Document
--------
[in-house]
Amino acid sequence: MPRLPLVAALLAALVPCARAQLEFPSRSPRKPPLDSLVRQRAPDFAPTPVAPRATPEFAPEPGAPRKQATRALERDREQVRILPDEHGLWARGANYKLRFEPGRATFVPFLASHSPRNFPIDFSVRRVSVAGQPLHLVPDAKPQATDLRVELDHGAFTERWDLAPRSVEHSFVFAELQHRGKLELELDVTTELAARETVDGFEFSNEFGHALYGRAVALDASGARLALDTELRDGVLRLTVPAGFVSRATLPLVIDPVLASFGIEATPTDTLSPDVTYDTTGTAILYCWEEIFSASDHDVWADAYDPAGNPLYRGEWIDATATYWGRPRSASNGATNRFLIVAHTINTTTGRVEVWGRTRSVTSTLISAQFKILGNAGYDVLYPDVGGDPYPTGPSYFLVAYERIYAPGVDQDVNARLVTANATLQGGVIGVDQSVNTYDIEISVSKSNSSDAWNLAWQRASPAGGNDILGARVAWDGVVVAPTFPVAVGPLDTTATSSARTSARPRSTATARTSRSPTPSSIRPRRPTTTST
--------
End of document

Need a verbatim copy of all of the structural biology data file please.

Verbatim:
[in-house]
Amino acid sequence: MPRLPLVAALLAALVPCARAQLEFPSRSPRKPPLDSLVRQRAPDFAPTPVAPRATPEFAPEPGAPRKQATRALERDREQVRILPDEHGLWARGANYKLRFEPGRATFVPFLASHSPRNFPIDFSVRRVSVAGQPLHLVPDAKPQATDLRVELDHGAFTERWDLAPRSVEHSFVFAELQHRGKLELELDVTTELAARETVDGFEFSNEFGHALYGRAVALDASGARLALDTELRDGVLRLTVPAGFVSRATLPLVIDPVLASFGIEATPTDTLSPDVTYDTTGTAILYCWEEIFSASDHDVWADAYDPAGNPLYRGEWIDATATYWGRPRSASNGATNRFLIVAHTINTTTGRVEVWGRTRSVTSTLISAQFKILGNAGYDVLYPDVGGDPYPTGPSYFLVAYERIYAPGVDQDVNARLVTANATLQGGVIGVDQSVNTYDIEISVSKSNSSDAWNLAWQRASPAGGNDILGARVAWDGVVVAPTFPVAVGPLDTTATSSARTSARPRSTATARTSRSPTPSSIRPRRPTTTST